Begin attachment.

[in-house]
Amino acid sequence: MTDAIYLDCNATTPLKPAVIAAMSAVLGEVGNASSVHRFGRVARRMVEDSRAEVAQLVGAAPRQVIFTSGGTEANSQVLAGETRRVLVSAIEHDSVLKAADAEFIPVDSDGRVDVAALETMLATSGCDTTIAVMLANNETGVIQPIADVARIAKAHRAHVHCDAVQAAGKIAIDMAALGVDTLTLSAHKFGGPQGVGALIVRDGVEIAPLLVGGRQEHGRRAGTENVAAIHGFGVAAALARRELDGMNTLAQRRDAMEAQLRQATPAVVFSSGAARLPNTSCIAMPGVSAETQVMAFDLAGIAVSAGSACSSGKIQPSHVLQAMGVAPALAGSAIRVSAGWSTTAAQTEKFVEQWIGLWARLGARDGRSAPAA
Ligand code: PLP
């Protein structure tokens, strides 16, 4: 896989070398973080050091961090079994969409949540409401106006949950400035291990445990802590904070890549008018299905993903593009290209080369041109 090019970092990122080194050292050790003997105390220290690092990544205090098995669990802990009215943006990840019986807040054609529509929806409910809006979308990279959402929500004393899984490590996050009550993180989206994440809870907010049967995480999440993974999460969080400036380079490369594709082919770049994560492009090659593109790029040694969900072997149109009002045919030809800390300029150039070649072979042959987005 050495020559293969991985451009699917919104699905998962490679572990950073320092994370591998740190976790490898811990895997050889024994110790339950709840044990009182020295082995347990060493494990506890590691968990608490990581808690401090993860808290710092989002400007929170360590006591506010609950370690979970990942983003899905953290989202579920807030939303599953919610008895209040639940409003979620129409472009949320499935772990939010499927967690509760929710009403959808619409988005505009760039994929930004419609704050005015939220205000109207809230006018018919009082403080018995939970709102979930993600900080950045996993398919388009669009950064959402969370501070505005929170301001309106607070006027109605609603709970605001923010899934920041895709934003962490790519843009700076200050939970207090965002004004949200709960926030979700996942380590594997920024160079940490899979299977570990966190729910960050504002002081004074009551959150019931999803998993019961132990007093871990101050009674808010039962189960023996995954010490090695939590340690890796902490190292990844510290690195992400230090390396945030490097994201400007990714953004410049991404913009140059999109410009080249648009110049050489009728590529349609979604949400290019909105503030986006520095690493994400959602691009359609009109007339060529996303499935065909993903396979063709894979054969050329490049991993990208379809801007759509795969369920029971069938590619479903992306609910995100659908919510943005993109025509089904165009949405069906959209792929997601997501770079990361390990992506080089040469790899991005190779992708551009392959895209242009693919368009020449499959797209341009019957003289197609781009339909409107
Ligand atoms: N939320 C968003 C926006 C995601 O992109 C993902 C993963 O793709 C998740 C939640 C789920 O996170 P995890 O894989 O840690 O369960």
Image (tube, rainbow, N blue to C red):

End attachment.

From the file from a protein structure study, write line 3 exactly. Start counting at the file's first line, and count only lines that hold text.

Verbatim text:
Ligand code: PLP